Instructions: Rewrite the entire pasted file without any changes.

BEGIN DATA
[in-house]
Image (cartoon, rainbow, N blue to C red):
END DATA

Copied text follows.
[in-house]
Image (cartoon, rainbow, N blue to C red):